Glass bottles and jars are recyclable after a quick rinse, and it is not necessary to remove labels. The lids, however, are not recyclable due to size or material consistency.

glass bottles and jars are recyclable

Here is a picture of glass jars and bottles ready for recycling. Notice there are no lids. (Labels left on bottles are okay.)

Aluminum and other metal cans are, of course, recyclable after a quick rinse, but if you remove the lids or pull tabs completely from the cans, it is best to throw them away. The lids can be too small or can be made of materials that are not attracted by the magnet that the recycling company uses to gather them for the recycling process. It is not necessary to remove labels. Take special care to avoid exposing sharp edges so that you as well as the recycler do not become injured.

metal cans are recyclable

Note: Aerosol cans and, as of December 2013, aluminum foil are not good for recycling due to possible food residue.

break down cardboard for recyclingPaper and cardboard are recyclable. This means includes envelopes and phone books. The only thing that is asked is that the cardboard be broken down flat (as shown in the picture to the left). Do not tie or bundle paper and cardboard.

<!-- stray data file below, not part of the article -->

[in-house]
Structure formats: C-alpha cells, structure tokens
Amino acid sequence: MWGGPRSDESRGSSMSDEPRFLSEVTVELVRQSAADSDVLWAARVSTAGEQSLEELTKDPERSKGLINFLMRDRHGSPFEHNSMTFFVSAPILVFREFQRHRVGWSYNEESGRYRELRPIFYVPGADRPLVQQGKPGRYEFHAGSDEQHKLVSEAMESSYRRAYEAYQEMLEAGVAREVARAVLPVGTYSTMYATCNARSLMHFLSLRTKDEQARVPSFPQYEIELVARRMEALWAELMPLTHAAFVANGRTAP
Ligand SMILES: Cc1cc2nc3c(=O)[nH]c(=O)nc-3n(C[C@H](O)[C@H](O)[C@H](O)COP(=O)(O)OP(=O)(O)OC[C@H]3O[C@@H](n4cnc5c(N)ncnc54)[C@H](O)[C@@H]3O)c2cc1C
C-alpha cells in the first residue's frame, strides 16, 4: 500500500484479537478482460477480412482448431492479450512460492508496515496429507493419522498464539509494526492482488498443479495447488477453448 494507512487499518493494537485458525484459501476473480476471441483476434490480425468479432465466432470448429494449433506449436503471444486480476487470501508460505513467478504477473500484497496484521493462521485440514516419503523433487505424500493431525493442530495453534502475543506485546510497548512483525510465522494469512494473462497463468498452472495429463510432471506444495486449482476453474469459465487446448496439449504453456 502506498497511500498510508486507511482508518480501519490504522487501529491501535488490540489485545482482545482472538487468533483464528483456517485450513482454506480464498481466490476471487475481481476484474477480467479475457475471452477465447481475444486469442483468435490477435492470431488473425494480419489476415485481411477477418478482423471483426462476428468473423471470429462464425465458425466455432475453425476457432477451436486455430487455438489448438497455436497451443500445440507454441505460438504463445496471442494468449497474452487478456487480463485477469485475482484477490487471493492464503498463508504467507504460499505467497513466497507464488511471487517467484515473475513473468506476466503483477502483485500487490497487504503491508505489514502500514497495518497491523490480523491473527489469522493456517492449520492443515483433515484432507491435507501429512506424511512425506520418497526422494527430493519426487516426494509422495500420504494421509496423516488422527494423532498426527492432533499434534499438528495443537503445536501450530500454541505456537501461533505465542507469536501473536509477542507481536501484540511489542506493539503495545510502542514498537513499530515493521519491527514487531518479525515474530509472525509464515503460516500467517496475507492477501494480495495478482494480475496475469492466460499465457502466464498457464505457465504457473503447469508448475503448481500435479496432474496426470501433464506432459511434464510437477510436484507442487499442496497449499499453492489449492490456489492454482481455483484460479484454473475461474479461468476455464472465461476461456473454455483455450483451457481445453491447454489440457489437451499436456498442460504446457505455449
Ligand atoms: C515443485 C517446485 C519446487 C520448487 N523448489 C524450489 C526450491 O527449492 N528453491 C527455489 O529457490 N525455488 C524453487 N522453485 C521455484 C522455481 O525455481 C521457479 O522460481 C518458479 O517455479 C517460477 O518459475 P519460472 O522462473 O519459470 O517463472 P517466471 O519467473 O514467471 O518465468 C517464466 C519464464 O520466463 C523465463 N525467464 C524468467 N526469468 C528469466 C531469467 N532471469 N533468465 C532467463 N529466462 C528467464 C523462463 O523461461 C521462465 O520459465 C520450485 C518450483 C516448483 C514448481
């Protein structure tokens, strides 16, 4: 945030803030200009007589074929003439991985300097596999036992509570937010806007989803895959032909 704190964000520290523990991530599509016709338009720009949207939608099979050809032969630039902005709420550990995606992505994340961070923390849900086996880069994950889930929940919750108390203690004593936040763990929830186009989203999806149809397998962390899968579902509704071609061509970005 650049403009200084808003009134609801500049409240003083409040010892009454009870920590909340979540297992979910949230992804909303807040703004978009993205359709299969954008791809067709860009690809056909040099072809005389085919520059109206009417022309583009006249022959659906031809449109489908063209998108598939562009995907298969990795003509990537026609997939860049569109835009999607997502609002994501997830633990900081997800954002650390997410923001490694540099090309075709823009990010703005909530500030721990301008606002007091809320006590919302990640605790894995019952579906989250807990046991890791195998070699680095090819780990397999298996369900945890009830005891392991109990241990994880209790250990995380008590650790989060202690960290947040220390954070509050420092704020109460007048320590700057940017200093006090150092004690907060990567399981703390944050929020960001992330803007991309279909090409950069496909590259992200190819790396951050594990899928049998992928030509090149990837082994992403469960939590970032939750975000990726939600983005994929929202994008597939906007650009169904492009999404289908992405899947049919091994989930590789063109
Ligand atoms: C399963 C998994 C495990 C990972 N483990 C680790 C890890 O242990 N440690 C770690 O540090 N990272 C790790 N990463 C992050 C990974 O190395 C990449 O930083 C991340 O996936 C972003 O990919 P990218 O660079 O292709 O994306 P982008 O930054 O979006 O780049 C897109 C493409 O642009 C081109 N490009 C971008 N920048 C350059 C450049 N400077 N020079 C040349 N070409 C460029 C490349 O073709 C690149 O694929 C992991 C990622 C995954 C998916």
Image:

recycle paper and cardboard

While everything pictured above is recylable, the following list tells us what is not recyclable:

NO used oil or oil containers. This means pizza boxes, too. Food contamination is one of the big problems for recycling companies.

NO egg cartons of any type because they contain styrofoam. Unless you purchase eggs in a plastic container, do not put in the recycling bin

NO electronics (including cell phones and appliances)

NO batteries or light bulbs (of any type).

NO hazardous wastes (paint pesticides or cleaners).

NO widow panes, mirrors or ceramics.

NO medical waste. Use the D.U.M.P. program.

NO auto parts, hardware tools or garden hoses.

NO hangers.

NO metal items, railroad ties/spikes, or chains

NO yard waste or food waste.

NO trash.

NO clothing, shoes, or toys.

If you have a question regarding recycling, contact ReWorks, or use this philosophy: When in doubt, throw it out.